The two met, and eventually other stakeholders, joined them in developing a plan for better management of the river. After several years of give-and-take, the result was the Yakima Basin Integrated Plan, a blueprint for ensuring a reliable and resilient water supply for farmers, municipalities, natural habitats and fish, even in the face of continued warming and potentially more droughts. A decade into the plan, there are tens of millions of dollars’ worth of projects up and down the river designed to achieve those goals, including canal lining and other improvements in irrigation efficiency, increasing reservoir storage, and removing barriers to fish.

Created by Imgur user Fejetlenfej , a geographer and GIS analyst with a ‘lifelong passion for beautiful maps,’ it highlights the massive expanse of river basins across the country – in particular, those which feed the Mississippi River, in pink.

How to build a pollinator garden — USFWS

A hummingbird clearwing moth visits a wild bergamot flower.

Click the link to read the article on the USFWS website (Mara Koenig):

Careful planning is essential to creating a successful pollinator garden. Follow these easy steps to make sure you have everything covered before you make your investment.

Choosing your location

While flowering plants can grow in both shady and sunny locations, consider your audience. Butterflies and other pollinators like to bask in the sun and some of their favorite wildflowers grow best in full or partial sun with some protection from the wind.

Identifying soil type and sunlight

Take a look at your soil – is it sandy and well-drained or more clay-like and wet? You can turn over a test patch or check out the soil mapper for your county to learn more. Your soil type and the amount of sunlight it gets will help determine the kinds of plants you can grow.

Choosing your plants

Research which varieties of milkweed and wildflowers are native to your area and do well in your soil and sunlight conditions. Native plants are the ideal choice, because they require less maintenance and tend to be heartier. Find a nursery that specializes in native plants near you – they’ll be familiar with plants that are meant to thrive in your part of the country. It’s essential to choose plants that have not been treated with pesticides, insecticides or neonicotinoids. You’ll also want to focus on selecting perennials to ensure your plants come back each year and don’t require a lot of maintenance.

Remember to think about more than just the summer growing season. Pollinators need nectar early in the spring, throughout the summer and even into the fall. Choosing plants that bloom at different times will help you create a bright and colorful garden that both you and pollinators will love for months!

Seeds vs. plants

Once you’ve identified your plant species, you’ll need to decide whether to use seeds or start with small plants. While both are good options, your choice will depend on your timeline and budget. Seeds are more economical, especially for larger gardens, but will require more time. If you’re using seeds, plan on dispersing them the fall or late winter ahead of your summer growing season. This gives the seeds time to germinate. Nursery-started plants cost more, but will generally give you a quick return on your investment and bring pollinators into your yard during the same growing season.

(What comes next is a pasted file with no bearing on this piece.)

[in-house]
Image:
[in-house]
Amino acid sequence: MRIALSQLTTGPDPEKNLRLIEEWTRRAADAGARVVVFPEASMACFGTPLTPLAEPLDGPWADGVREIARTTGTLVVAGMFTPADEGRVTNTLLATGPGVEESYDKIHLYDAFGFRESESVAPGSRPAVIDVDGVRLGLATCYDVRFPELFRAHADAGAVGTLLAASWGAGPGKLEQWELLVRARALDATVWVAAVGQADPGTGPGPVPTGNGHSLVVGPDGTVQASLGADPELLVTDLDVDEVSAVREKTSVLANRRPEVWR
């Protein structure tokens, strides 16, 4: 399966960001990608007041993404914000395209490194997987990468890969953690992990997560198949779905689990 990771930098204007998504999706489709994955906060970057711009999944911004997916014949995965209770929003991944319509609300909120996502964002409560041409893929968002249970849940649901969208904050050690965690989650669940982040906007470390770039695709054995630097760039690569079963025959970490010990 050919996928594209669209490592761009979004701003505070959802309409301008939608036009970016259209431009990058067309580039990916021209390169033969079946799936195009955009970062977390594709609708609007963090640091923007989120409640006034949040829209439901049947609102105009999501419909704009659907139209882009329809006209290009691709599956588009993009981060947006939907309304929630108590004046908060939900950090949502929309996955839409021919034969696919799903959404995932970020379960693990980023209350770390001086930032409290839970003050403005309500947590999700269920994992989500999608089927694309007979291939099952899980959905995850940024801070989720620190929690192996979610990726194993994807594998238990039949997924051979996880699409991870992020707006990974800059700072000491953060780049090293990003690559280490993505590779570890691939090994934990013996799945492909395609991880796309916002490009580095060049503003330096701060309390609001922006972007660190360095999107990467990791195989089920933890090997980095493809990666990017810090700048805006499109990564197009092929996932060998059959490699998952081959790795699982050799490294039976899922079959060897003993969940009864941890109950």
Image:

Planting your garden

Purple prairie clover, purple coneflower and yellow coneflower in a native pollinator garden at Horicon National Wildlife Refuge in Wisconsin.

When you’re ready to start planting, you’ll need your seeds or plants along with essentials like gardening tools to break the soil as well as extra soil or compost and mulch.

Prepping your garden

If you’re converting an existing lawn, you’ll need to remove grass and current plant cover and turn your soil to loosen it up. If you’re planning on using raised beds or containers, there are a lot of pre-made options available, as well as simple designs to build your own. No matter where you decide to plant your garden, you’ll want to add nutrient-rich compost or soil to improve the success of your garden.

Planting your seeds or flowers

When you’re using seeds, keep in mind that they will need time to germinate, so fall and late winter are ideal times to get started. In the fall, disperse seeds and cover with soil. In the late winter, scatter seeds over the snow. The sun will heat up the seeds and help anchor them into the snow. The melted snow provides moisture that will help the seeds germinate.

If you’re starting with small plants, make sure you follow frost guidance to avoid putting your plants in too early. Dig holes just big enough for the root system, then cover and reinforce the roots with soil or compost. Add mulch to reduce weed growth.

Wait, watch, water and weed

It may take some time, but you will eventually see butterflies and other pollinators enjoying your garden. Make sure to weed and water your garden to keep it healthy. Keep in mind that it may take a couple seasons for milkweed to start producing flowers.